Piet Nkambule is the 2012 Shoprite boerewors champion, he was crowned by the supermarkets chain after tasting his traditional wors at their annual competition.Piet Nkambule, top of podium, is 2012’s best boerwors maker. (Image: Shoprite)Wilma den HartighPiet Nkambule from Newcastle in Kwazulu-Natal makes South Africa’s best boerewors. He was selected as the winner of the 2012 Shoprite Checkers Championship Boerewors Competition, an annual event hosted by the supermarket group to identify the country’s best traditional boerewors recipe.Before Nkambule made it into the top 10, his award-winning recipe was put to the test and tasted by a panel of high profile food experts. Over a period of four months, the judges tasted thousands of pieces of boerewors across the country to find a recipe that stands out.Nkambule’s recipe was selected from more than 1 000 entries that went through three rounds of elimination.Martin Kobald, one of the judges, who is a chef and honorary past president of the South African Chefs Association (SACA), says Nkambule’s boerewors recipe was exactly what the judges were looking for.“It had an authentic flavour and you could taste the coriander and cloves nicely,” Kobald explains. “When it was cooked the combination of flavours unfolded better than others.”Another judge of the competition and executive chef, Jeff Schueremans, says the winning boerewors had a prominent beef and pork flavour. “That was the best one of all of them,” Schueremans says.Determination pays offIn addition to receiving the coveted title, South Africa’s boerewors champion should also be commended for his perseverance. Even though he has participated 19 times in the competition, without ever reaching the finals, he never gave up.But this was his lucky year.“I can’t believe I actually won,”Nkambule says, and he can’t wait to receive his prize which includes a new Toyota Hilux 2.7 double cab raised body raider, R2 500 (US$286) holiday voucher from food company All Gold, R2 000 ($229) Coca Cola cash prize and R750 ($86) worth of vouchers from snack food manufacturer Simba.“In my life I never thought I would drive a new car,” he says.Developing the perfect recipeBoerewors is a type of sausage that is synonymous with South African food heritage. The name comes from the Afrikaans words boer (farmer) and wors (sausage).Boerewors is usually braaied, a method that cooks food on an open fire, but some South Africans would, somewhat reluctantly, concede that it can also be grilled under an electric grill, fried, or baked in an oven.Kobald says that the recipe for traditional boerewors is legislated and must strictly adhere to certain guidelines. Although it is up to individuals to adjust the ratios of the ingredients, boerewors must contain at least 90% meat, always containing beef as well as lamb or pork, or a mixture of lamb and pork. Not more than 30% of the meat content may be fat and it can’t contain any mechanically recovered meat.Apart from the meat content, no other ingredients may be added except vinegar, spices, herbs, salt or other harmless flavourants and water. Cereal products such as oats or bread crumbs may be used as binding agents, but it should be suitable for mass production and a specific shelf life.“Although the ingredients are legislated, there is always someone’s boerewors that stands out and this is what we wanted to find,” Kobald says.Nkambule isn’t a newcomer to the meat industry. He’s worked in butcheries since 1977, when he started out by making deliveries. After many years, he’s learnt the tricks of the trade and, of course, what makes a good boerewors.He says he has taken a lot of time to perfect his winning recipe, now a closely guarded secret.“Over the years people have given me many tips and tricks about how to make a good boerewors,” he says.Although he is reluctant to divulge the ingredients of his winning recipe, he does reveal a few pointers for aspiring wors makers.“My secret lies in the special ratio of pork to beef meat I include in my mixture,” he says. “The right quality spices are also very important.”Boerewors under scrutinyFinding the country’s best boerewors is no small feat and an independent judging panel of respected food experts had the tough job of making the final decision.It took 85 regional and 10 provincial elimination rounds, during which 400 judges from the SACA had to taste and assess more than 55 000 pieces of raw and cooked boerewors to eventually find the top ten that would battle it out at the final.The judges included Martin Kobald; Arnold Tanzer, Sunday Times chef of the year 2008; Carmen Niehaus, YOU and Huisgenoot food editor and author of more than 20 cookbooks; Peter Veldsman, author of several cookbooks; and Lungile Nhlanhla, junior food editor at Drum magazine and one of the five finalists of the 2012 Masterchef SA programme.Schueremans explains that the judges have to taste both the raw and cooked boerewors, and contestants also have to provide the spices for a separate tasting to ensure that the correct spices have been used.“When the wors is raw it reveals a different flavour,” Schueremans says.Kobald adds that by tasting the raw product, the judges can also determine if the ingredients are correct and correspond with the specific recipe provided by the contestant.Cooked to perfectionBecoming the country’s boerewors champion isn’t just about combining the right mix of ingredients – the contestants must also cook the boerewors to perfection. If it is undercooked or overdone the judges can’t get a good sense of its taste.Kobald points out that cooking the wors is as important as developing the best recipe, as contestants could achieve a high score for their raw product, but get marked down at the cooking stage.To ensure that each individual tasting is accurate, the judges clean their palettes between tastings by eating a dry biscuit and drinking water.In his 13 years of involvement with the competition, Kobald has noticed how contestants have changed and evolved their techniques, and are taking the annual event more seriously.The new Championship Boerewors is in-store and available at all Shoprite, Checkers and Checkers Hyper stores countrywide.Would you like to use this article in your publication or on your website? See Using Brand South Africa material.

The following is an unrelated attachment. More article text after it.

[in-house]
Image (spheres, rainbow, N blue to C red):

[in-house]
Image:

The dust continues to get stirred up following Oracle’s announcement regarding plans for the Itanium processor and HP-UX. Plenty of authors have been commenting on the subject of late, often concluding that the announcement has negative consequences for HP customers who’ve been relying on Itanium and HP-UX to run their Oracle-based mission-critical database workloads.Far from being on the verge of falling, however, the sky is actually very bright for those customers.That’s because, for pretty much the first time in the history of the enterprise relational database market, those customers have a perfectly viable alternative readily available.That option is IBM DB2.”Why is DB2 a more viable option for an existing Oracle customer today than in the past?” You might well ask – To answer that question, a bit of history is in order.E.F. Codd published his seminal paper – “A Relational Model of Data for Large-Scale Data Banks”, in 1970. I was only 9 at the time, so it wasn’t on my reading list. Which proved to be OK, since it took until I had graduated college, some twelve years later, for computers to become powerful enough to handle the compute requirements of processing SQL. Codd worked for IBM at the time his paper was published. Oracle beat IBM to market with the first SQL database by a small interval, but Oracle and DB2 have been competing with one another basically since DB2’s introduction in 1983.I first installed DB2, on an IBM MVS mainframe, in 1985. My first Oracle experience was a few years later – ironically enough using OS/2 running on one of the first Compaq SystemPro servers to come off the line. So I’ve been watching this competition play out for some time.SQL wasn’t standardized at the beginning, so different implementations had different ‘dialects’. The first ANSI SQL specification came out in 1986. It has served as the standard definition of what constitutes the SQL language itself ever since, with multiple revisions published over the years. The idea behind a standard definition of the language was to allow for easy portability of applications and database definitions between DBMS’s that implemented the standard. As long as the applications and database definitions adhered to the standard, went the theory, portability would be preserved.From the very beginning, however, commercial SQL DBMS vendors have provided proprietary ‘extensions’ to their implementations that tempted programmers and DBA’s to sacrifice portability in favor of optimized performance and functionality.The inevitable result was effective lock-in to a particular DBMS. Once programmers and DBAs started down the slippery slope of using proprietary in-database stored procedure languages and SQL semantic extensions, migration between DBMS’s required source-level changes that could be time-consuming, risky, and costly. That was the case until May 19, 2009, when IBM delivered its Oracle compatibilty extensions with DB2 9.7.DB2 9.7, for the first time in the history of Database Management System’s , fully supported almost the entire collection of proprietary extensions to the SQL standard that Oracle’s DBMS provides. So instead of requiring a complete re-coding and re-testing of applications in order to migrate from Oracle to DB2, customers who wish to migrate from any Oracle database to DB2 merely have to unload their database contents and re-load them into DB2 9.7 – no source code changes or DDL changes required. It isn’t entirely seamless, since an unload/reload is still required, but the process is vastly less daunting than it ever was before, and much less intrusive than an entire platform change.So if, like tens of thousands of your peers, you’re running the core of your enterprise on HP-UX and Itanium and you’d like to keep doing just that for the foreseeable future, rest assured that you have a viable alternative available – one that’s fully the equal of Oracle’s in terms of suitability for mission-critical workloads.The analyst community has been taking note of the arrival of this new capability. George Weiss of Gartner Group, commenting on the subject of Oracle’s announcement and its impact on end users, said:”For Oracle applications written internally, you can move to IBM’s DB2 9.7 (and future releases), which contains the Oracle database compatibility feature. This enables Oracle code to run on DB2 unchanged (with about a 97% compatibility as reported by references and Gartner clients).” (Source: Q&A: The User Impact of Oracle Ceasing Itanium Development; April 5, 2011; George J. Weiss, Andrew Butler, Donald Feinberg)They say that imitation is the sincerest form of flattery. If so, Oracle should be feeling very flattered at the moment. And customers who are currently running Oracle databases on the Itanium processor and HP-UX should feel reassured.The next time your Oracle sales rep shows up to talk about plans for migrating your Oracle databases to a SPARC platform, be sure to have a DB2 9.7 coffee cup prominently positioned on your desk. Have a chat about your success in moving your Oracle databases and applications to DB2 without any need to change platforms. Be sure to mention that your modern Itanium-based platforms already significantly outperform anything available using SPARC, and you’re looking forward to the next decade’s worth of continuing improvements from HP and Intel.Should make for an interesting conversation!